Oregon Fisheries Update March 25th – March 31st, 2016

Willamette Valley – After a brief slow-down on spring Chinook catches, action has ramped up once again, largely in the cleaner waters above the confluence of the Willamette and Columbia Rivers. Anglers working from Caterpillar Island into the gorge are reporting fair catches of spring Chinook, some even eclipsing the 30-pound mark. Trolled herring are responsible for the most fish but anglers sitting on anchor are also taking fish.

Spring Chinook counts at Bonneville are lagging significantly behind last years total but that’s to be expected, given the reduced run size prediction and higher, cooler flows we’re experiencing this season. We’re still weeks away from peak migration on the lower Columbia and we likely won’t even get to fish during that time-frame.

While water conditions aren’t conducive to trolling for springers as its high and muddy now, sturgeon fishing is as near a sure thing as anyone could ask for. While sturgeon is a strictly catch-and-release fishery, youngsters love hooking these big fish. It puts a smile on adult faces as well.

As water conditions improve on the McKenzie River in the week to come, fly anglers should consider a foray to this location as the change of seasons will become evident this week.

There is a cadre of winter steelhead anglers who devote themselves to catch-and-release of wild steelhead and this is the week to consider doing so on the Santiam system.

Waters of the Clackamas are fairly high and will get higher before showing some improvement late in the coming week. This is good news for anglers, though, particularly if they time their trip right.

Regarding the Sandy River, as much as we would like to have the power to see through weather conditions, freezing levels, snowpack and all other elements which have an effect on this location, it’s not always possible. Even our regular contributor, pro guide Jeff Stoeger of O2 Guide Service (503-704-7920) advises anglers to just keep an eye on the river gauge.

Northwest Oregon – Steelheaders had a good week on the north coast. Although size wise, the fish weren’t averaging all that large, quantities made up for the lack of quality. We’re in peak season right now and given the magnitude of the run-size this year, we shouldn’t be surprised that action is so good. It is likely to taper however as dropping flows and a whole-heck-of-a-lot of fish passed through last week.

The Wilson and Nestucca will remain primary targets for anglers desiring to take fish home. The Trask and Kilchis will be good options for those wishing to avoid crowds. New still have several more good weeks of steelheading ahead.

Offshore weather conditions allowed for access to hungry lingcod and sea bass late last week. Not so much the case this week as rough seas, including gale force winds will make bar crossings illegal. It’ll be great fishing when the weather cooperates.

Don’t count on good crabbing or clamming given the tides and weather factors coming up this weekend. There will be better times ahead however.

A BUNCH of trout got stocked for spring break on the north coast this week. It’s a great time to pursue them for those wanting better action. Check here for all your options.

Central & South Coast Reports – Central coast charters report excellent bottom fishing this week whenever they have been able to get out. There have been limits for all on these trips although crabbing has been a little slow.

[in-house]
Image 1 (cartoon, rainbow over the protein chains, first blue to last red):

This should be a great week to fish for surf perch. These fish are not too particular about which beaches they prefer although they do like a place where the water is a little deeper close to shore. Many baits work including shrimp, mussels and sand worms.

Author, blogger and TGF regular contributor Pete Heley (www.PeteHeley.com) reports the Umpqua River is muddy at this time. As water conditions improve, he mentions that springers have been caught below Winchester Dam on the North Umpqua so that might be a good place to start.

Rogue River waters are running high this week and, according to river forecasts, will be somewhat slow in recovering. As conditions improve, so will steelheading. Springers are starting to enter as well so angers may expect prospects to pick up in coming weeks.

Conditions on the Chetco river have already started to improve with winter steelhead widely scattered throughout the system.

Most south coast lakes have been planted with hatchery and larger trout and are providing good fishing for big and little folks alike. Warm water fish are also becoming active.

Central & Eastern – Fly fishers on the lower Deschutes report fair to good fishing for redsides. March Browns are starting to hatch now.

Trollers at Detroit Reservoir have been catching a mix of mostly kokanee and some rainbow trout but doing pretty well for this time of year.

As well-known as the John Day River is for producing summer steelhead, this is the time of year when it starts to produce jumbo smallmouth bass.

SW Washington – Steelhead catches on the Cowlitz remain impressive with a fish for every other boat over the weekend. Spring Chinook are starting to fall with more regularity too. The Cowlitz hatchery is well ahead of last years start, a good indication that the bumper crop is indeed coming.

Other tributaries are still not producing well. The Lewis and Kalama remain sub-par with little likelihood of improvement.

Despite low numbers of salmon over Bonneville, there is some effort at Wind River and Drano Lake. Catches are nil however.

Lower Columbia River data shows that mainstem “black-chins” are starting to make up a larger percentage of the catch. Nothing surprising here.